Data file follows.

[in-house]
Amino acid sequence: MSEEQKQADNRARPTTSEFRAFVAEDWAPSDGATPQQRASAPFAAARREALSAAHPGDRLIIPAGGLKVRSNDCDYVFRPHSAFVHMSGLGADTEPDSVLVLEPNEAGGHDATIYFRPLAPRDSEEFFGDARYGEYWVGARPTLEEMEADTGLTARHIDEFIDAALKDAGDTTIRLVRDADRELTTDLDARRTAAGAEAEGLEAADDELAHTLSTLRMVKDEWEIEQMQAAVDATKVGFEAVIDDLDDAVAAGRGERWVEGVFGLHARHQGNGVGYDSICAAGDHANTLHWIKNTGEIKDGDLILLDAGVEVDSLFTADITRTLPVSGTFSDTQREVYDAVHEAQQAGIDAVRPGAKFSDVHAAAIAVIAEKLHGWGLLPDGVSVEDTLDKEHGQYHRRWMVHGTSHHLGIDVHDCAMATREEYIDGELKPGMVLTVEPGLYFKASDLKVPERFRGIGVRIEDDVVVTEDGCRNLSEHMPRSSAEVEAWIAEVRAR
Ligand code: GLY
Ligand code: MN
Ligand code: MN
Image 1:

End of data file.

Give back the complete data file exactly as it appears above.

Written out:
[in-house]
Amino acid sequence: MSEEQKQADNRARPTTSEFRAFVAEDWAPSDGATPQQRASAPFAAARREALSAAHPGDRLIIPAGGLKVRSNDCDYVFRPHSAFVHMSGLGADTEPDSVLVLEPNEAGGHDATIYFRPLAPRDSEEFFGDARYGEYWVGARPTLEEMEADTGLTARHIDEFIDAALKDAGDTTIRLVRDADRELTTDLDARRTAAGAEAEGLEAADDELAHTLSTLRMVKDEWEIEQMQAAVDATKVGFEAVIDDLDDAVAAGRGERWVEGVFGLHARHQGNGVGYDSICAAGDHANTLHWIKNTGEIKDGDLILLDAGVEVDSLFTADITRTLPVSGTFSDTQREVYDAVHEAQQAGIDAVRPGAKFSDVHAAAIAVIAEKLHGWGLLPDGVSVEDTLDKEHGQYHRRWMVHGTSHHLGIDVHDCAMATREEYIDGELKPGMVLTVEPGLYFKASDLKVPERFRGIGVRIEDDVVVTEDGCRNLSEHMPRSSAEVEAWIAEVRAR
Ligand code: GLY
Ligand code: MN
Ligand code: MN
Image 1: